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2009 HSR&D National Meeting Abstract

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National Meeting 2009

1073 — Racial Differences in Bisphosphonate Use among Patients Diagnosed with Osteoporosis after Hip Fracture

Vaughan Sarrazin MS (Iowa City VA Center of Excellence), Safford M (University of Alabama - Birmingham), Richardson KK (Iowa City VA Center of Excellence), Cram P (University of Iowa College of Medicine)

Objectives:
Evaluate differences in treatment and mortality of black and white veterans admitted for hip fracture.

Methods:
Black (n = 781) and white (n = 5,712) patients admitted to VA hospitals for hip fracture during FY2004-07 with no diagnosis of osteoporosis or bisphosphonate (BP) use during the 12 months preceding admission were identified using VA inpatient, outpatient, and pharmacy data. Three events occurring within 6 months of hip fracture admission were evaluated: 1) death; 2) osteoporosis diagnosis as identified by ICD-9 code; and 3) BP initiation. Logistic regression and Cox regression models were used to examine mortality, osteoporosis diagnosis, and BP initiation after hip fracture for black and white patients, controlling for patient age, sex, income, rural location, and comorbidity.

Results:
Compared to white patients, blacks were younger, less likely to be female, had lower incomes, and were less likely to live in a rural setting. Unadjusted mortality within 6 months of admission was similar among black and white patients (26.5% vs. 25.5%; p = .52), while the rate of osteoporosis diagnosis was significantly higher among white patients (18.0% vs. 14.6% of white and black patients, respectively; p = .02), as was the rate of BP initiation among all patients (9.4% vs. 4.8%; p < .001). Initiation of BP therapy among the 1,171 fracture patients subsequently diagnosed with osteoporosis was low (29%), with BP use significantly higher for whites than blacks (31% vs. 18.1%; p = .004). In regression models, risk-adjusted mortality remained similar for blacks and whites (Odds Ratio = 1.07; 95% CI, 0.88-1.29; p = .50). The risk-adjusted hazard of bisphosphonate use for blacks, relative to whites, was 0.53 (95% CI, 0.38-0.73; p < .001) among all hip fracture patients and was 0.58 (95% CI, 0.37-0.90; p = .01) among patients diagnosed with osteoporosis.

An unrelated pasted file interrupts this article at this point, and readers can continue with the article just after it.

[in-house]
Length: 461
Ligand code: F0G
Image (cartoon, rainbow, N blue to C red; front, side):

Implications:
Both black and white veterans are unlikely to receive BP therapy following hip fracture, even when osteoporosis is diagnosed. Black veterans are less likely to be diagnosed with osteoporosis and receive BP therapy than whites, but mortality for blacks and whites is similar.

Impacts:
Veterans with hip fracture frequently receive suboptimal osteoporosis treatment. Disparities in osteoporosis treatment exist even among veteran populations with similar access to diagnostic testing and pharmacy benefits.


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